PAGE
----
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Activists bemoan lack of laws to deal with child sexual abuse

Saturday, 13 November 2010 - 2:00am IST | Place: Mumbai | Agency: DNA
A welfare foundations held a workshop in the city on Friday to sensitise policemen about child sexual abuse.

As SPS Rathore, the molester of a minor who was driven to suicide following the abuse, got bail, welfare foundations held a workshop in the city on Friday to sensitise policemen about child sexual abuse.

The workshop was conducted by the National Institute of Public Cooperation and Child Development in collaboration with the Childline foundation. It saw participation from assistant commissioners of police, senior police inspectors, community police and members of the crime branch.

“With a rampant increase in the cases of child sexual abuse, this workshop is an attempt to sensitise policemen about the psychological, legal and medical aspects related to child sexual abuse, as they are the one who deal with such cases on a daily basis,” said Jojo Verghese, city coordinator, Childline.

A matter of serious concern is the weak judicial system in India. Ranjeet Chouguley, director of the Justice and Care organisation, spoke about the legal aspects of child sexual abuse. He pointed that no specialised legislation for child sexual abuse are yet in place.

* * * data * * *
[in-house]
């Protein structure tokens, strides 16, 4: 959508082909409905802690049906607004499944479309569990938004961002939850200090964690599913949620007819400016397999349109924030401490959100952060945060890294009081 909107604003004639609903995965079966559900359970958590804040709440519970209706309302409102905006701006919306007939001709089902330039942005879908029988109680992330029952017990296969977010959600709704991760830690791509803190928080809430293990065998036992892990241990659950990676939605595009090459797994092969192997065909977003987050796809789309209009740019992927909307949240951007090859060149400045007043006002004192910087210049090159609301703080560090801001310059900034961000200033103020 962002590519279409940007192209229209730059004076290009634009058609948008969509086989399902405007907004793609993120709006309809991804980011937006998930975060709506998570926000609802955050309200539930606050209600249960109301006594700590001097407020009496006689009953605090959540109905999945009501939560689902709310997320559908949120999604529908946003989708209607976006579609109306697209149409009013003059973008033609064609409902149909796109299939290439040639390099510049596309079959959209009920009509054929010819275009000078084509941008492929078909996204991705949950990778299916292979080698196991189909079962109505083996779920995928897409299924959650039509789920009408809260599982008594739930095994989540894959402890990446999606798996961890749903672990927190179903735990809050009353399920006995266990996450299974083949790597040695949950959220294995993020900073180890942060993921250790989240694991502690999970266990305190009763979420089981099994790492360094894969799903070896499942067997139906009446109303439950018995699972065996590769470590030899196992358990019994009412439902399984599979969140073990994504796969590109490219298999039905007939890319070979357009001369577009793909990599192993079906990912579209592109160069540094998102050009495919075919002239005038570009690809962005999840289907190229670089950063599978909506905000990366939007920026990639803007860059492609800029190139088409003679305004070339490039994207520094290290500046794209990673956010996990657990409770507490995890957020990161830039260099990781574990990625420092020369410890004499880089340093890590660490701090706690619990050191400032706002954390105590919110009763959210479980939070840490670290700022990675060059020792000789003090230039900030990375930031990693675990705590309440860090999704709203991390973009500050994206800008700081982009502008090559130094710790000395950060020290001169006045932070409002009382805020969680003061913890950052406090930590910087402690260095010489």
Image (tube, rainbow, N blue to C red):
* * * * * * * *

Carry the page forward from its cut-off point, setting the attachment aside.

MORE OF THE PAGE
Speaking with DNA, he said, “The Juvenile Justice Act is a welfare Act but does not look at the criminal aspects of putting perpetrators behind bars. As of now, for child sexual abuse cases, we need to rely on provisions of legislation meant for adults. This is really unfair. We are hoping to implement some concrete laws once the Child Protection Bill gets passed in the winter session.”

Neeta Athale, faculty at the Tata Institute of Social Sciences, talked about the psychological aspects of child sexual abuse. What is worrisome, she said, is that a large number of cases do not get reported. This is because in 75% cases, the person who subjects a child to abuse is a family member, relative or a person who holds a position of trust with the child.

Jaspal Singh Ragi, ACP of Meghavadi, who attended the workshop, said, “Child sexual abuse is a sin to humanity. Cases are on the rise, because the laws are weak and the perpetrators easily go scot-free.”

Talking about the workshop, he said, “This workshop was very useful and clarified a lot of doubts that we had. I would recommend this workshop to be conducted at zonal level with more officers participating.” Such awareness campaigns are a step forward to ensure a healthy and happy childhood.




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